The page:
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Choose the following Ethics Problems and answer it to the very best of your ability. These questions are fairly complex, and will require a minimum of 3 full pages (double spaced, not including the ti
Choose the following Ethics Problems and answer it to the very best of your ability. These questions are fairly complex, and will require a minimum of 3 full pages (double spaced, not including the title/header) pages to answer completely.
Chapter 7: Ethics problem - Who gets to stay on the lifeboat? on Page 136
Ecologist Garratt Hardin (1915-2003) proposed the metaphor of a lifeboat to help us think about resource distribution in a world fast approaching limits.
Garret Hardin, “Lifeboat Ethics: The case Against Helping the Poor,” Psychology Today, September 8, 1974, 38-43.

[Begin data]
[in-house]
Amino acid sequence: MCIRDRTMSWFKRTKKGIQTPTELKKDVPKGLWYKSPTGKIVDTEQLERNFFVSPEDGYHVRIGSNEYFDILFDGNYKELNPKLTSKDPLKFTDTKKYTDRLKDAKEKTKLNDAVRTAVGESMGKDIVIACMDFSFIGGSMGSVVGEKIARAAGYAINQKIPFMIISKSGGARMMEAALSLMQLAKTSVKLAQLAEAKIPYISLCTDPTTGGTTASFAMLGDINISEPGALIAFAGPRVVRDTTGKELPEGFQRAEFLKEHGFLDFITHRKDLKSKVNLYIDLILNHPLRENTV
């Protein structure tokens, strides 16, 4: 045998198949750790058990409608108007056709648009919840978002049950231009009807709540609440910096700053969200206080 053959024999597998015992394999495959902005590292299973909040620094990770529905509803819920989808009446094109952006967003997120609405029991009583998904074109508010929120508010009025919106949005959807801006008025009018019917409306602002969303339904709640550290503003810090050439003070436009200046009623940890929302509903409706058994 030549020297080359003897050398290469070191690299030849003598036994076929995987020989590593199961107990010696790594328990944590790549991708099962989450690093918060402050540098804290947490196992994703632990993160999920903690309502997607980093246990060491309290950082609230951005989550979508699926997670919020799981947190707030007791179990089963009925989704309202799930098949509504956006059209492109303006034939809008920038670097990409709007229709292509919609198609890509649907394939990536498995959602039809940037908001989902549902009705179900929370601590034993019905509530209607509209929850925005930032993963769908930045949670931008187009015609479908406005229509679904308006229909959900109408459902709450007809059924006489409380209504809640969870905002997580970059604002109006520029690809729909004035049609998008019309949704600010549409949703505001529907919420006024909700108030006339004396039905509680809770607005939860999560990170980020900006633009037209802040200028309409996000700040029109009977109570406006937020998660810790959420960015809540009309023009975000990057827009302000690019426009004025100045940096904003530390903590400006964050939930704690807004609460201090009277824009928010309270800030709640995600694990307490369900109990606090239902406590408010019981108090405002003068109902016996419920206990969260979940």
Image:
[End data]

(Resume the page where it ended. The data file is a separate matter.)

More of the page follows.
Hardin’s view, called “Lifeboat Ethics,” looks at trends such as population increase, resource depletion, and the carrying capacity of land to make a case against helping the poor. Although we all have basic needs, some people must be denied. Lifeboats, metaphorically, refer to wealthy nations.
Consider the example of a lifeboat with a capacity of 50 persons. The ship is sinking and there are not enough lifeboats. You are safe on a lifeboat filled to capacity, but there are still 100 people in the water. What do you do? All need to get in the lifeboat, or they will not survive. But, the lifeboat is full. Who should stay and who should go, and why? What criteria do we use to make decisions in a world of limited resources? Do an internet search on lifeboat ethics and also see Alfred Hitchcock’s film Lifeboat.
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